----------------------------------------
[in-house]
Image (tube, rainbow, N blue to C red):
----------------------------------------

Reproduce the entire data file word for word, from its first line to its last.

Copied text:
[in-house]
Image (tube, rainbow, N blue to C red):